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The deaf comedy divide in our sitting room

by Charlie Swinbourne

6th January 2011

Just before Christmas, Leslie Nielsen, the Canadian star of madcap comedy films Airplane! and Naked Gun, passed away at the age of 84.
Leslie Nielsen
On news of his death, tributes flowed in from the showbiz world and from thousands of fans posting on Facebook and Twitter - including many from the deaf community.

I was amazed at how many people shared my affection for his films, and felt more sad than I remember feeling about a celebrity death. Nielsen happened to bear a passing resemblance to my Grandad, with a full head of silver hair - but there's more to it than that. To me, he was more than just another movie star.

Reading a tribute on a blog called I Heart Subtitles by a deaf woman called Dawn Jones, she explained how much she loved the visual comedy in Nielsen's films, as well as the subtitling of a famous scene in Airplane!.

It reminded me that the blend of silly wordplay and physical humour he specialised in, meant that his films were among the few that my family would all sit down and enjoy together.

We each have quite different preferences when it comes to entertainment because we are all deaf to varying degrees. My Mum and youngest brother are classified as profoundly deaf, and my Dad, middle brother and I are knocking around the moderate to severely deaf range.

With a mixture of communication methods between us, from lipreading to sign language and 'listening hard', comedy that suited everyone's sense of humour was difficult to find. Just imagining Nielsen's facial expressions makes me smile. He could say something totally ridiculous while projecting a look of absolute, deadpan seriousness.
Leslie Nielsen
Lines like: "Just think; next time I shoot someone, I could be arrested", in Naked Gun. Or, on being asked, "Surely you can't be serious?" and replying: "I am serious, and don't call me Shirley" in Airplane!.

These were complemented by fantastic visual sequences: Nielsen sliding down a banquet table on top of the Queen who his character, Frank Drebin, was supposed to be protecting; wearing a full body condom because he believed in 'safe sex'; and the amazing end credits of the Police Squad series where everyone pretended to 'freeze' as if the action had stopped, only to see someone walk by nonchalantly in the background. These, and many, many more...

During my teenage years I loved watching dialogue-driven American comedy series' like Seinfeld, Frazier and Friends, but the humour of those shows - well written though they were - was often dependent on the way the actors delivered a withering putdown or punchline which isn't quite so deaf friendly. My Mum, who can't hear such subtleties, would look on, completely unimpressed. She agreed I could have my own TV in my room around this time.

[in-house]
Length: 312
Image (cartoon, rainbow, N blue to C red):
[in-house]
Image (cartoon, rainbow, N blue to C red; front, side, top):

Mr Bean
Meanwhile, Rowan Atkinson's Mr Bean was the TV series that would have us all battling for space on the sofa. Whether he was falling asleep in church, or trying to get changed on the beach while maintaining his modesty, we were glued to the set. We loved the way you could read Bean's thought process through his physical movements and the expressions on his face. You didn't need to hear it to understand.

I also have fond memories of visually-driven children's programmes. My youngest brother loved Pingu, a series about a penguin who lives in an igloo and plays with a seal. Every episode is told in stop motion clay animation, with no dialogue at all. Another film we loved as children - and one I introduced my daughter to over Christmas - is The Snowman, told through Raymond Brigg's beautiful drawings alone.

Jackie Chan was another favourite. In his film Project A, there is a massive fight between the Navy and the Police in a bar. Halfway through a fight, Chan and his adversary both stop fighting and step behind a wall out of each other's sight, so they can both say "ow!" and nurse their wounds without losing face ... before starting to fight again. Classic stuff.
Charlie Chaplin
I later found out that Chan was influenced by perhaps the most famous visual comedian of all - and another Swinbourne family favourite - Charlie Chaplin.

Looking back to the early days of cinema and Chaplin classics like Modern Times and The Circus, throws up a reminder that there was a time when deaf people didn't need subtitles. All films were silent and, consequently, there's a massive place in deaf people's affections for those pre-Talkies starring Chaplin, Laurel and Hardy, Buster Keaton and those other black and white film stars.

I remember being 5 or 6 years old and assuming characters in silent movies were themselves deaf - this seemed the only explanation for the way they expressed everything so physically. Consequently, I've never been able to fully lose the idea that Charlie Chaplin was a deaf person, even though he wasn't. In a way, my family and I saw something 'deaf' in all of our favourite physical comedians and actors.

It was only when I read the many obituaries that were published after Nielsen's death that I realised he wore hearing aids - and amazingly, was deaf himself. Or as many articles put it "legally deaf" - a term that brought a smile to my face. I can just imagine Nielsen as Frank Drebin saying: "Sure I'm deaf! And I've got a licence."


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